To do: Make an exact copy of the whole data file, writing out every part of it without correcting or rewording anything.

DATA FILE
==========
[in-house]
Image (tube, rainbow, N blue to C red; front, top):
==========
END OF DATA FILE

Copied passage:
[in-house]
Image (tube, rainbow, N blue to C red; front, top):